Sen. Patrick Leahy
11/14/08 12:00PM By Bob Kinzel
Sen. Leahy says Sen. Joe Lieberman should not be rewarded with a major chairmanship in the next Senate. Leahy also comments on Vice President Dick Cheney's email and records and the need to ensure they are saved and not destroyed.
Leahy is now one of the most senior members of the U.S. Senate, a position that comes with significant power. Host Bob Kinzel talks with Senator Leahy about the last session of the current Senate, and the issues that the next Congress will need to tackle.
Also in the program, news analysis from VPR's top reporters. (Listen)
And we listen back to some of the voices in this week's news.(Listen)
Listener comments and questions:
Ted in Burlington:
In the recent NYT Magazine article about the imperial presidency in which you
are featured prominently your colleagues whom i assume you respect greatly John Warner and Arlen Specter appeared to have caved to the will of Dick Cheney and Donald Rumsfeld. What explicit and concrete assurance can you give us that your body of government will work to reign in this idea of an imperial presidency? How do you plan to overturn the Bush backed amendments to FISA?
Doug in Huntington:
Senator Leahy, when will the Patriot Act, and all the damage done to the constitution, be repealed?
Annie in Essex:
We are a mobile society, but we ignore the need to change how we get around, and how much we do so, at our peril. Taxpayer money would be better spent if invested in infrastructure to support more public transportation -- light rail, freight rail, buses, and repairs to existing roads and bridges, as well as construction of bicycle friendly lanes on existing roads. I agree with Senator Leahy that if we are to have a competitive auto industry in America, we should design more energy-efficient cars; but we should also consider retooling Detroit and other manufacturing cities to build vehicles for efficient mass public transportation. We are not facing our future realistically if we do not confront our romance with the single occupancy vehicle.
Anita in Brookfield:
The notion that we have to continually grow the economy is pervasive. But continual growth requires continual inputs of energy and resources. Given that we are looking at a future with energy constraints that will have result in costly energy, as well as diminished natural resources, how do you propose to deal with this? Can you imagine how to usher in an economy that doesn't depend on continual growth and infusions of cheap unlimited energy?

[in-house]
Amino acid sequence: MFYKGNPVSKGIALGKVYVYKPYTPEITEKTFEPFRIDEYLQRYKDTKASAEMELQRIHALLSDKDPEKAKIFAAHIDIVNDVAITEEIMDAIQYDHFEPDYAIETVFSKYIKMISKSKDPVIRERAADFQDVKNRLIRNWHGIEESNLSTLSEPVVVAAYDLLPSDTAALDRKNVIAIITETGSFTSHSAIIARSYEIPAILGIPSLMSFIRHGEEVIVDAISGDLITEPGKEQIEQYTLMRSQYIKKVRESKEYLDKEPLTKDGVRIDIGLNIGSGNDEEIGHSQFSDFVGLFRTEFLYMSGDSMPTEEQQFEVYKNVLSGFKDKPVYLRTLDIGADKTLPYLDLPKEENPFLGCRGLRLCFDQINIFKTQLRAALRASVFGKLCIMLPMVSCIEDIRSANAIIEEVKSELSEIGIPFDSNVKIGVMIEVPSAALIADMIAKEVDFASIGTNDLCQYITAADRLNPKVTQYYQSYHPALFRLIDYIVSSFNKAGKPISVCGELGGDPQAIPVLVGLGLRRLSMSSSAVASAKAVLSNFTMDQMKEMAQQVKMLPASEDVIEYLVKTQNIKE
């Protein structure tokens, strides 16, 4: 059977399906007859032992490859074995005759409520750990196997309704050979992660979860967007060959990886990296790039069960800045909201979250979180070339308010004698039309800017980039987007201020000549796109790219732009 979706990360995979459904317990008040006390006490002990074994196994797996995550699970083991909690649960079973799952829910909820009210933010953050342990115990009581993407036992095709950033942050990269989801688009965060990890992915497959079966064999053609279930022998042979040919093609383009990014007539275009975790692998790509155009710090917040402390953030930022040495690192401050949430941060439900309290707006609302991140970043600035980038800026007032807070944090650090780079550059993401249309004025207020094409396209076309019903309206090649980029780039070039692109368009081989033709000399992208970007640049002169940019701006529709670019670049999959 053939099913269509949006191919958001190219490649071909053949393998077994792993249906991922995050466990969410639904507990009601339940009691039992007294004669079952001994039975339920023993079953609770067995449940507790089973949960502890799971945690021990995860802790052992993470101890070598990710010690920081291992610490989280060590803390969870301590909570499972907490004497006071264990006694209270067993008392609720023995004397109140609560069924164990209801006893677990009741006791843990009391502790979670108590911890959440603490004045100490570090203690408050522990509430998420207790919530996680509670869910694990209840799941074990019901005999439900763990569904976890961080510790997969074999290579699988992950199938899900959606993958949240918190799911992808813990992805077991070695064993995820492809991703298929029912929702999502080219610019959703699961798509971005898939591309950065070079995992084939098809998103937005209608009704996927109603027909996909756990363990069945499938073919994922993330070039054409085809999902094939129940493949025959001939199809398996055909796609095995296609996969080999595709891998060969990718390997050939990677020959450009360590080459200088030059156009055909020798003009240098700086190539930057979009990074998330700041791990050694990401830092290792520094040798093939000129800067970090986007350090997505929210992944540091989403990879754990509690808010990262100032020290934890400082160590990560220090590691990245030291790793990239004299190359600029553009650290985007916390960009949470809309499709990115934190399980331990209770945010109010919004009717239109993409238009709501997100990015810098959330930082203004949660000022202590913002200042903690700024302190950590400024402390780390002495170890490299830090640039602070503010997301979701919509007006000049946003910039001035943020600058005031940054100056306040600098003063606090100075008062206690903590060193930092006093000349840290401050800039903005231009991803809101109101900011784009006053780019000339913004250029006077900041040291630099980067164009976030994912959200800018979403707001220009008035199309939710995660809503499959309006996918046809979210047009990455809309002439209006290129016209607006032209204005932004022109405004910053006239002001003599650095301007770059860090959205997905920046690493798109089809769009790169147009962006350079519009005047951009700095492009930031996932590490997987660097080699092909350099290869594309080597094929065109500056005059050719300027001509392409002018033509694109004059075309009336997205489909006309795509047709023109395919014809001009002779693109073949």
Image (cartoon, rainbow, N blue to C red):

Beth in Saint Johnsbury:
First, Congress passed the Green Jobs Act in 2007, which would train 30,000 people a year to do green construction, install solar panels, and so on -- putting Americans to work at jobs that will cut our dependence on oil. Would you make funding that bill a priority the next time the Congress is in session? Second, a federal investment of $100 billion could create two million new, "green-collar" jobs in just two years, according to Van Jones of Oakland, California, author of The Green Economy. Would you support such a measure to put Americans to work in ways that will strengthen our energy economy?
With the average price per gallon for gas in the US right around $2.18 (per AAA) it seems as if Vermont's gas prices are still higher than most places in the US and New England. What can be done about this? It seems as if price gouging is running rampant and nothing at all is being done.
Scott in St. Johnsbury:
No question that the domestic auto companies have missed the boat on fuel-efficient cars up to now. One reason is a nation-wide ostrich approach to the perils of our petroleum-based economy. If the present crises don't provide in opportunity for new approaches, what will? Can the Democrats... implement a tax structure that encourages transition to other fuel sources? A carbon tax could be fashioned that brings a steady -- and predictable -- rise in petroleum fuels in a way that will not ruin the economy but will send the message to the public and the marketplace. Such a tax structure could also hold harmless low-income households, if done carefully. Why not?
Hank in Morrisville:
I here all this talk about diversifying the market. I am not seeing it in the bailout. I have a plan of 5.6% of the $760 billion. This amount is $40 billion which can be given to four million people in foreclosure at an amount of $10,000 to renegotiate with the banks a fixed interest rate of 6.5% (instead of AIG having a party valued at a price of more than I will make in my entire life). Also, mandate that box stores make their space available to give infrastructure for solar.